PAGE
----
Is a Gluten-Free Diet Bad for You?

Chile Verde

Lately, I’ve been seeing articles and headlines that suggest a gluten-free diet is unhealthy or even harmful. Digging into those articles reveals facts the link bait headlines don’t: essentially that a gluten-free diet is no more healthy or unhealthy than any other diet.

As we all know, being gluten free — and I do not believe one can be anything less than 100% gluten free — means avoiding all forms of wheat, barley, and rye. This means the whole grains, grains mixed into other products, flours, thickeners, whatever form these grains take. If you are gluten free, particularly for health reasons, none of these grains, in any form, should ever be ingested.

It is also a well-known fact that gluten-containing ingredients lurk in the most surprising items (potato chips! yogurt! bubble bath!). This means that having foods labeled “gluten free”, even though, to the casual observer it is a manufacturer jumping on a so-called fad, is necessary because (of course!) yogurt is gluten free, except when the manufacturer adds something like wheat starch.

An article I read tried to approach the gluten-free diet from an economic perspective. The author, who is gluten free, rightly pointed out that specialized gluten-free products, particularly baked goods, are expensive and low in nutritional value. This is true, and, if one were to eat only gluten-free versions of breads, cookies, bagels, etcetera, then, yes, a gluten-free diet is unhealthy. And expensive.

(The author also makes the point that increased consumption of rice flour can lead to increased ingestion of arsenic; I’m not up on the science of this, but will be exploring it for my own peace of mind.)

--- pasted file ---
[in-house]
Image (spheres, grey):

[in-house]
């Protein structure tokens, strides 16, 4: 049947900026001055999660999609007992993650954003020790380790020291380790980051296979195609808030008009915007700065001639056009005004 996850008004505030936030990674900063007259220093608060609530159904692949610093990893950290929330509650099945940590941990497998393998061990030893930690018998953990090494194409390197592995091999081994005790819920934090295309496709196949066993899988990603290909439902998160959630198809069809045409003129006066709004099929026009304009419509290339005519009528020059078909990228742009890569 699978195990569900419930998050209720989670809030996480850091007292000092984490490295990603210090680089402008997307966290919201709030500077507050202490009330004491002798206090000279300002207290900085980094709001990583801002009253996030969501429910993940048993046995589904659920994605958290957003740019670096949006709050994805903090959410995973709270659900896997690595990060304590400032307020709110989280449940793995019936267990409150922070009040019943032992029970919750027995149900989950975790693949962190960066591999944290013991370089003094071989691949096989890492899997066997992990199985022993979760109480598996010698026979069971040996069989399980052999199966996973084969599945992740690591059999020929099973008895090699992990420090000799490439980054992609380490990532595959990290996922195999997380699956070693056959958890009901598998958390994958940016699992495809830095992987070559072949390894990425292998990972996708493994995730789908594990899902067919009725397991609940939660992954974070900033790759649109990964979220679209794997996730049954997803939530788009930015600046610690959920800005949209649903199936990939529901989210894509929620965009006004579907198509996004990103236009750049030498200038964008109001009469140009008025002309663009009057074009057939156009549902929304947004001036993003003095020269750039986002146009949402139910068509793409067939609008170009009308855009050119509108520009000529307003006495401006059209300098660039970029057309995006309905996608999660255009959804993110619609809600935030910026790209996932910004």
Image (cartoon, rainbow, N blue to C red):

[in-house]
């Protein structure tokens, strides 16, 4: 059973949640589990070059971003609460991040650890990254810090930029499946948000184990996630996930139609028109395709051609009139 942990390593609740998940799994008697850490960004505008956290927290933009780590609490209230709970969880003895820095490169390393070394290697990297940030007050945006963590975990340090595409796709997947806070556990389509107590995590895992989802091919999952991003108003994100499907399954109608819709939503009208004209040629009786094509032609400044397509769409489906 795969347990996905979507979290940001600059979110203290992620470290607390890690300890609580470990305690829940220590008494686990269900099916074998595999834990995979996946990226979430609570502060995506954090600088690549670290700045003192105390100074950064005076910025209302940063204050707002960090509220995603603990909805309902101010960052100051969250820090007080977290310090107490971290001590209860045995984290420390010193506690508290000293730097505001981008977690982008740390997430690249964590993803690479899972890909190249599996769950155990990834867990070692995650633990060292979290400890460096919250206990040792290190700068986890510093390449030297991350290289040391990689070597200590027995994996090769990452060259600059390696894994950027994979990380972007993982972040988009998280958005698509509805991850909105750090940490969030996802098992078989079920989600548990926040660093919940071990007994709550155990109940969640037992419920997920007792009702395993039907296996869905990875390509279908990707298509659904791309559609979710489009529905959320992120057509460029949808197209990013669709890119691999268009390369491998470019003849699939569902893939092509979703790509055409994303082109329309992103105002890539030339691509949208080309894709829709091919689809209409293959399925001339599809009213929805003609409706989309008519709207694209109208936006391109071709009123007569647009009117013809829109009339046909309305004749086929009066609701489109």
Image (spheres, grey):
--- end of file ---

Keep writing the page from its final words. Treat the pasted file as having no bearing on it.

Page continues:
I’d posit this would be true of a non-gluten-free diet consisting of the same products. I’m not a fan of highly processed foods.

Yes, GF products, particularly those foods created as substitutes for “the real thing”, cost more. That’s economics. If you’ve ever done any sort of gluten-free baking, you know the research and development costs have to be high! We are well into the gluten-free product development cycle, and our collective flavor/texture/shelf life standards are higher.

And I don’t mind paying a higher cost for a quality product (see my review of Essential Baking Super Seeded Multi-Grain Rolls). Because I have so many other great options for gluten-free dining, that kind of investment is an exception for me. I rarely think to put a bread-type product on the table. In fact, I’d say my biggest investment in this realm is pasta, and I only serve pasta maybe every other week.

Whole grains (other than wheat, barley, or rye), vegetables, meats, dairy, eggs…these are the building blocks of a healthy diet. They’re also the core of a gluten-free diet. You aren’t going to lose weight by eating purely gluten free, unless you reduce overall calories coming in while increasing overall calories going out (engaging in what we traditionally call “exercise”). It’s that simple.

There is nothing inherently unhealthy or expensive about a gluten-free diet. It’s certainly not “bad” for you. Yes, it’s sometimes annoying, difficult, and even frustrating, but bad for you? No.

Tip of the Week

Highly processed foods, including many gluten-free baked goods, tend to be lower in fiber. Since we should be taking in 20 – 35 grams of fiber daily (depending on your calorie intake), look to whole grains, nuts, fruits, and veggies to increase fiber. Your overall health thanks you!

Menu of the Week

A while back, I converted my normal chile verde recipe to include chicken. This week, I’m all about bringing the pork back! I’m making traditional chile verde for an office party — since about half my co-workers shy away from very spicy foods, chile verde, with its tangy, subtle spices, is perfect for a crowd. I’ll serve it with a side of red chile paste for those who love lots of heat!

Because I’m also in a bit of a chilaquiles mood after having my cravings thwarted by non-gluten free chips at a restaurant, I’ll be offering the office crowd the option of serving the chile verde over chips or plain rice. At home, I’ll be spooning the delicious stew over gorditas, corn cakes. A side of beans will complete the dish.

  • Chile Verde with Spicy Chile Paste
  • Gorditas
  • Whole Black Beans

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